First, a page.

Osbourne lawsuit lands in Douglas | NevadaAppeal.com

Osbourne lawsuit lands in Douglas

Kurt Hildebrand
khildebrand@recordcourier.com
This Sept. 25, 2007 file photo shows Ozzy Osbourne as he arrives at the Elton John AIDS Foundation’s sixth annual benefit “An Enduring Vision” at The Waldorf-Astoria Hotel in New York.
AP | AGOEV

MINDEN — Ozzy Osbourne’s “Crazy Train” is making a stop in Douglas County District Court in Minden after the guitarist on the album filed suit seeking more than $2 million in royalties.

Bassist Robert Daisley filed the lawsuit in Minden on Monday against Osbourne and Blizzard Music Ltd., the company in charge of distributing royalties for the hit albums “Blizzard of Ozz,” and “Diary of a Madman.”

Daisley said he’s one-third author of “Crazy Train” which hit No. 9 on the pop charts in 1980.

The song has been popular at sporting events ever since. Daisley was honored by The American Society of Composers, Authors and Publishers for having the most-played song in the United States in 2005, 2008, 2010, 2011, and 2012.

Blizzard Music Ltd. is a Nevada corporation formed in 1981 and based in Stateline.

In a statement to several media outlets, Osbourne is denying the accusations in the lawsuit.

According to Daisley’s lawsuit, the company collected 15 percent of his portion of the royalties he was owed. He said he’d never agreed to that and the fees were never accounted for in his twice annual royalty statements.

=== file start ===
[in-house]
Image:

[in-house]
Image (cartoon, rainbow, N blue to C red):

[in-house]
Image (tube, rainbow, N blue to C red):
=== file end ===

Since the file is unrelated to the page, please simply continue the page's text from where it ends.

In 2014 an audit conducted at Daisley’s behest revealed Blizzard was taking 15 percent before it sent on his royalty check, according to the lawsuit.

Daisley said he’s terminating the contract effective May 30, 2017.

He said he’d received royalties for both albums and their songs, but he’s never seen an accounting of how much money was collected for use of the song in other mediums.

Osbourne is president, treasurer and a director of Blizzard, both in the U.S. and in the United Kingdom.

Daisley, guitarist Randy Rhoads, and drummer Lee Kerslake joined Osbourne after he left Black Sabbath in 1979.

Daisley asserts he and Rhoads wrote most of the album, with Osborne providing vocal melodies.

Since it was released, “Blizzard of Ozz” has sold 6 million copies.

The band originally was called Blizzard of Ozz, but a management decision was made to release it under Osbourne’s name alone.

In addition to playing with Osbourne through the 1980s and 1990s, Daisley also performed with Black Sabbath and Uriah Heep.